DSCN0195.jpg


Now here's another plant, several species: high light, EI dosing, ADA AS:

resizedsideview20.jpg


Redsized20galmred.jpg


When you take pics, make sure the high light does not wash the color out also.
High light can do that also, so you do not get photos that show the red color.

Amano tends to deal with that by blasting the light for a little while,. buit lower light most of the day.

Not a bad trade off and slows the intense growth rates down also without depleting the CO2 too much/too long.

Regards,
Tom Barr
 

pelmato

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Feb 2, 2007
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if you want red colors to APPEAR red you must provide some red spikes in the spectrum
+1 :D

7.jpg (image)
9.jpg (image)

205gallons
320watts, T8 reef-sun +floral-sun
KH 55ppm
GH 80ppm
NO3 20-30ppm (KNO3)
CO2 20-30ppm
PO4 undetectable
soil: flourite

no fertilizer... like Fe or trace etc... nothing...

my 2cents :D
 

detlef

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Jan 24, 2005
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I actually believe there is more to growing reds than just nutrients and the amount of light:

The spectrum of irradiance should also influence which shape and color plants might take. I speculate more blue light grows better reds - and red colors can be seen pronounced of course under a bulb with red peaks.

In pelmato's case I suppose the t8 reef sun combo of 50/50 6500K with actinic light intensifies the turning into reds very well whereas the flora sun with high levels of orange and red wave lengths helps in viewing the striking red coloring. Thanks pelmato for the shots!

I hope in a not too far distant future I might test that hypothesis myself while taking some pictures for proof.


Found this a moment ago which explains the viewing part of the topic quite nicely James' Planted Tank - T5 Lighting On The Cheap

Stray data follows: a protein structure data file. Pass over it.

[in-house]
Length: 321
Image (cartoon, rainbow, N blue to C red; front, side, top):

Best regards,
Detlef
 

Tom Barr

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detlef;22831 said:
I actually believe there is more to growing reds than just nutrients and the amount of light:

The spectrum of irradiance should also influence which shape and color plants might take. I speculate more blue light grows better reds - and red colors can be seen pronounced of course under a bulb with red peaks.

In pelmato's case I suppose the t8 reef sun combo of 50/50 6500K with actinic light intensifies the turning into reds very well whereas the flora sun with high levels of orange and red wave lengths helps in viewing the striking red coloring. Thanks pelmato for the shots!

I hope in a not too far distant future I might test that hypothesis myself while taking some pictures for proof.


Found this a moment ago which explains the viewing part of the topic quite nicely James' Planted Tank - T5 Lighting On The Cheap

This sounds reasonable to me. I'd buy that hypothesis.
We need a spectral curve rather than color temps, but we can use the brands of the bulbs also.

But yes, some blue+ a good red bulb will = a good color for the plants, we showed this in the 1990's with mixing bulb types.

Regards,
Tom Barr